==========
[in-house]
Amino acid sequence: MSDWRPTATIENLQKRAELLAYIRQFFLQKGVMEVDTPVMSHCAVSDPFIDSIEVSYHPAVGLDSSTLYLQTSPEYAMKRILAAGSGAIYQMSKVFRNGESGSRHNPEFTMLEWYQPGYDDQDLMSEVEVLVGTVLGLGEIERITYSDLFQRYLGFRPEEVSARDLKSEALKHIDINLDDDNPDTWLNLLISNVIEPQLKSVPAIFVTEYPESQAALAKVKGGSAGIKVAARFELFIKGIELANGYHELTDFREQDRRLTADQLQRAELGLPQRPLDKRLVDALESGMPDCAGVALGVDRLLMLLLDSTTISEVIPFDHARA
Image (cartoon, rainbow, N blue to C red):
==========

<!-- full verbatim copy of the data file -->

[in-house]
Amino acid sequence: MSDWRPTATIENLQKRAELLAYIRQFFLQKGVMEVDTPVMSHCAVSDPFIDSIEVSYHPAVGLDSSTLYLQTSPEYAMKRILAAGSGAIYQMSKVFRNGESGSRHNPEFTMLEWYQPGYDDQDLMSEVEVLVGTVLGLGEIERITYSDLFQRYLGFRPEEVSARDLKSEALKHIDINLDDDNPDTWLNLLISNVIEPQLKSVPAIFVTEYPESQAALAKVKGGSAGIKVAARFELFIKGIELANGYHELTDFREQDRRLTADQLQRAELGLPQRPLDKRLVDALESGMPDCAGVALGVDRLLMLLLDSTTISEVIPFDHARA
Image (cartoon, rainbow, N blue to C red):